As is the case with many novelists with an international profile, Emma Donoghue has more than one editor. Her newest novel, Frog Music—her first since the best-selling Room—was edited by both Judy Clain, editor in chief of Little, Brown in the U.S., and Iris Tupholme, editor in chief of HarperCollins Canada. The Canadian novelist and her two editors talk about sharing responsibilities, resolving disputes, and the long list of ideas Donoghue has waiting for the novels to express them.
Judy Clain: Emma, what is it like working with two editors on your books? When I came aboard for Room, I was the new girl stepping into an old relationship. So I was very conscious of the fact that the two of you might have had systems and ways of working together in place.
Emma Donoghue: Well, I think Iris and I had worked together on only one book ahead of you, so it’s not as if she had been my editor for 20 years and you were intruding or anything. I suppose it was less scary for me because I knew one of my editors (Iris) already. But Room felt like a new experience anyway—there was so much excitement about its publication worldwide from the start. So I had no sense that you were the new girl, Judy.
Clain: Well, that’s good. What helped for me, just in terms of process, was that you, Emma, were very clear from the start that you wanted to hear from both of us separately. And I think with some authors where there are two editors working on a book, they get together behind the scenes and communicate about the edits and combine them into one editorial letter. And you wanted to hear from me, what I thought, and from Iris, what she thought. And I suppose we’re lucky, or maybe it’s not luck that neither of us said anything that completely contradicted the other!
Donoghue: It’s very interesting that you say that some authors ask for a single editorial letter. I much prefer to get everyone’s opinions separately, because if I got a single editorial letter, it would be like getting a note from God!
Clain: I know. Well, I think it’s an unusual situation. But I think that with many authors, especially younger authors, they might get confused by hearing two different voices. And so for them having one set of notes that suggests to them what to do is perhaps easier, whereas I think you would sort it out if one editor said one thing and the other said something totally different.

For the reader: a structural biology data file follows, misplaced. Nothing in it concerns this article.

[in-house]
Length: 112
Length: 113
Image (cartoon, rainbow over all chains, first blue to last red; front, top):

Donoghue: Yeah, I’m not looking for a homogenous, blended editorial view. I love the specificity of one of you being confused by Page 10 and one of you being irritated by Page 20. Also, I often have three editors (including the U.K.), and I find that if two editors agree on something, I pretty much give in and say fine. But if only one editor out of the three makes a point, I might think, “Oh, that’s just a minority view!” I didn’t specifically ask all three of you when you guessed who the murderer was in Frog Music, but I know that Iris figured it out early, and so I remember thinking, “One in three of my readers, that’s too many! I’m going to have to fix that and remove some of the hints there.” It’s useful for me to have the entirely individual feedback you each give me.
Iris Tupholme: Frog Music was a more thorough edit than Room, because it’s more complicated in its setting and main characters. With an historical novel, so much more needs to be on the page in terms of detail so that the reader can locate the character in the setting. Everything from the way the city streets of San Francisco’s Chinatown looked in 1876 to Blanche’s clothing when she dances “The Flea” and to the particulars of a Baby Farm. Each detail has to be perfectly placed to create the backdrop and yet not get in the way of the story.
Clain: What is it like when you first give your work to us? Are you nervous? I never think of you as being nervous!
Donoghue: When I hand it on to you editors, I’m extremely nervous that you won’t like it. With the first book bought by any one editor, there’s no prior relationship there, so in a way I don’t take the judgments personally. But as soon as I’m onto a second or third book, I really want the relationship to continue, and I hate to disappoint. I feel like a child handing in my essay to a trusted and beloved teacher. So of course I’m afraid you won’t like it. But I would say that once you’ve bought the book, I then relax, and I feel OK that I may get 30 pages of editorial notes from you, but that’s fine, because we’re all working toward the same goal here.